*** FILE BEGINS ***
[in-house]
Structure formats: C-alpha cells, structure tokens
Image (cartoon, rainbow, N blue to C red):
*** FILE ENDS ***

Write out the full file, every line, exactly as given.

[in-house]
Structure formats: C-alpha cells, structure tokens
Image (cartoon, rainbow, N blue to C red):